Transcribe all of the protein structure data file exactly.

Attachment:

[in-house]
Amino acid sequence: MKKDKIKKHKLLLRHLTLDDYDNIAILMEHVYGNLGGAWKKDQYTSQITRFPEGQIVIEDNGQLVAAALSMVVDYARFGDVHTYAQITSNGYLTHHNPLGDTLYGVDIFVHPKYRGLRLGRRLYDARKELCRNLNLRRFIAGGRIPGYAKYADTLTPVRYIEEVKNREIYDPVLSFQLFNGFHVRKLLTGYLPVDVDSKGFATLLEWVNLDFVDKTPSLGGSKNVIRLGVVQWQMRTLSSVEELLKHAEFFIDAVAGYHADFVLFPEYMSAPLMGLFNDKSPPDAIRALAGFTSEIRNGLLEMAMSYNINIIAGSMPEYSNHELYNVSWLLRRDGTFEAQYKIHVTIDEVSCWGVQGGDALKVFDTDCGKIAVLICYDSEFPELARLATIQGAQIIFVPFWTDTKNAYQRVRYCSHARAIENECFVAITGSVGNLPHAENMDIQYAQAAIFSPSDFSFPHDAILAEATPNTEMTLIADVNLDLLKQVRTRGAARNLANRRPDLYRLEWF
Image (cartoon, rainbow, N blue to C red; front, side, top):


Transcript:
[in-house]
Amino acid sequence: MKKDKIKKHKLLLRHLTLDDYDNIAILMEHVYGNLGGAWKKDQYTSQITRFPEGQIVIEDNGQLVAAALSMVVDYARFGDVHTYAQITSNGYLTHHNPLGDTLYGVDIFVHPKYRGLRLGRRLYDARKELCRNLNLRRFIAGGRIPGYAKYADTLTPVRYIEEVKNREIYDPVLSFQLFNGFHVRKLLTGYLPVDVDSKGFATLLEWVNLDFVDKTPSLGGSKNVIRLGVVQWQMRTLSSVEELLKHAEFFIDAVAGYHADFVLFPEYMSAPLMGLFNDKSPPDAIRALAGFTSEIRNGLLEMAMSYNINIIAGSMPEYSNHELYNVSWLLRRDGTFEAQYKIHVTIDEVSCWGVQGGDALKVFDTDCGKIAVLICYDSEFPELARLATIQGAQIIFVPFWTDTKNAYQRVRYCSHARAIENECFVAITGSVGNLPHAENMDIQYAQAAIFSPSDFSFPHDAILAEATPNTEMTLIADVNLDLLKQVRTRGAARNLANRRPDLYRLEWF
Image (cartoon, rainbow, N blue to C red; front, side, top):